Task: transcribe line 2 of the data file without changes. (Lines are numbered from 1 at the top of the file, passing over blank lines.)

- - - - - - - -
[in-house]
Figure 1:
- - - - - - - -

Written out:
Figure 1: